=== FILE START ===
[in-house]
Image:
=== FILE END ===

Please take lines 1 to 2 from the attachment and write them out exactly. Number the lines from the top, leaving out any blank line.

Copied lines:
[in-house]
Image: